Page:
So yesterday was good, on the whole. But there are just as many jam-packed days in which I feel like I’m all elbows and stubbed toes. I’m hard-pressed to figure out what makes the difference. In the meantime, I’ll chalk it up to the work of that mysterious Holy Spirit.
It’s November, the month of Thanksgiving, which means that folks on Facebook are celebrating the 30 Days of Thankfulness. Last week a friend me asked if I knew the origins of this practice. I don’t know where it started, but I’m touched that she would associate it with me. The 30 days is a burst of positive energy in an often snarky and cranky social media universe…
My friend Marci has decided not to participate because of the potential for bragbooking. I’m sympathetic to her concerns. My next book looks at technology and digital culture from a spiritual perspective. As I research, I’m finding various studies suggesting that Facebook has the potential to decrease people’s happiness. One person’s gratitude is another person’s braggadocio. We end up comparing other people’s outsides to our insides, or as I saw it expressed somewhere, everyone else’s sizzle reel to our blooper reel.
But I’m not sure the answer, for me, anyway, is to sit out the practice altogether. After all—and Marci points this out herself—gratitude is a spiritual practice.
Where’s the challenge in being thankful when you’re on top of the world? It’s considerably harder to see gratitude in ordinary life as it chugs along. And when things are downright crappy, gratitude can be transforming, the tiny candle you wrap your fingers around to keep the darkness at bay.
Social media is here to stay. People are welcome to dip in and out of it, or take long breaks, or hide the gratitude posts that make them crazy, or whatever they need to do for their own mental and spiritual health. As someone who takes tech sabbaths every week, I believe you’re under no obligation to consume social media the way other people do. But it is a part of our lives. So it seems worthwhile to practice engaging with it in ways that are hospitable to others and gracious to yourself.
So here’s how the 30-day gratitude challenge can be helpful and not an exercise in bragbooking. I offer these as someone who studies social media and digital culture, and as a pastor who has taught and practiced the Ignatian examen (a practice of gratitude and discernment) for many years.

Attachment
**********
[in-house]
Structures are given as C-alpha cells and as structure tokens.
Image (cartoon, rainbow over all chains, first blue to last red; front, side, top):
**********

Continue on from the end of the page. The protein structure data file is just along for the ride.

1. Go beyond the obvious. At the women’s retreat I led this weekend, I gave them an icebreaker question to answer in small groups: “It’s just not Thanksgiving without…” But I specifically told them, “You can’t say ‘family’ or ‘my grandkids.’” I hope this caveat invited them to share something more specific and personal.
My friend Kristen posted a great moment of thankfulness this weekend: “Hair – as a fresh ‘do can literally change you. [My hairdresser] has been a steady presence in my life since 2004 when I wandered into the salon where she worked. 9 years, 2 salons, 4 jobs (me), 5 kids (hers plus mine) and countless haircuts, highlights and hairstyles later – I’m proud to call her friend and stylist extraordinaire.”
No bragbooking there. Just a touching tribute by a fabulous, sassy gal. Kristen’s update invites me into gratitude for the folks who provide services for me and the friendships that can develop.
It also makes me consider getting highlights. Again.
2. Think small. The examen is meant to be a daily practice. And often our most grateful moment is not the biggest headline of the day, but the moment that took our breath away. Maybe you got a huge raise at work (I know, in this economy? hey, it could happen), but the breathtaking moment was the act of kindness you saw in the line at Starbucks. Gratitude can be a trickster.
3. Be specific. “I’m thankful for my health” may be true. And for someone who’s battled cancer, or recovered from an injury, that’s huge. But consider how your update sounds to a friend whose health is a source of stress, or who’s in a chronic struggle with an illness. Instead, how about a specific thing your health allowed you to enjoy today? I’m thankful that I could pick up my big kindergartner today without my back going out.